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Discussion Starter · #1 ·
I have a nice '93 carbine( Parley, you already have this one in your database) that has an extra coat of stuff, probably varnish, that I would like to remove WITHOUT harming the finish underneath. The wood has not been sanded and is in terrific shape, except for the varnish.
It is nice old gun and has great metal finish with fading case colors, 99+ bluing on the barrel. I don't want to screw this one up. :lol:
 

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Well............I have bought my share of rifles that had crud slopped on the stocks in the name of 'refinishing'. I always use Formby's finish remover with fine steel wool. A toothbrush works well for any checkering. I use TLC when removing the gunk and have always been satisfied with the wood underneath. If you are looking to remove just the top layer, I am at a loss there!
 

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I've used a number of different chemical strippers. Some work better than others, but they all work, without hurting the wood. Follow the directions closely, and be sure to scrub the stock with hot soapy water after stripping. This will get any residue of stripper off, and slightly raise the grain, to accept the new finish.
For finishing, I love Permalyn Sealer from Brownells. It allows you to build up coats slowly, and can be applied over any old finish, so if you miss a tiny amount of the old finish, it wont remain sticky.
With enough coats, it will take on a nice hand rubbed oil look, but it never gets too shiny.
 

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How does one apply the new finish to the checkering without clogging it up? I'v a couple that I'v been thinking about stripping but am afraid of screwing up the checkering.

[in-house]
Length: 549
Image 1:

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I actually mask off the checkering, and finish the rest of the stock. After the rest is finished, I then give the checkering one light coat with a toothbrush, and wipe off any excess while it's still very wet. As long as you do it that way, you can even give it a couple coats, wiping off as you go. The masking will also protect the checkering betwen coats, while you wet sand. I always wet sand my stocks as I apply finish. I use 600 grit wet or dry, and this helps fill the pores, making a super smooth finish.
The Permalyn that I use is very watery, and even with 4 coats on the checkering, it doesn't build up, if I wipe it off after each application. Remember to remove the masking tape after each coat of finish, and reapply before the next coat, or it will be permanently stuck there!
Hope this helps.
 

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I will try that, thanks. That Permalyn you mention, I'v never seen it. Is it an oil finish like tung or linseed oil? I'v seen guys use polyurathane not wanting to listen to me & I never liked the results, tho some of them have.
I like oil myself & tung seems to suit my taste better than tru oil which is good as well but a little heavy IMO.
 

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Permalyn is a poly base, but it's not like any poly base finish you've ever seen or used. It is the old Laurel Mountain sealer that uses an oil modified polymere, so it isn't brittle or hard like most Polyurethane finishes. It is also easily touched up like an oil finish, so if you get a scratch, or scrape, you can refinish all or part of it, without any problems.
It's sold as either the Sealer, or Stock Finish, but I only use the sealer, as it gives the results I'm looking for. The sealer is thinner, so it penetrates deep, while the finish is a bit thicker, and fills more. That's what I want to avoid in refinishing a stock, so I don't use the Stock Finish.
 

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I thank you Sir. :)
 
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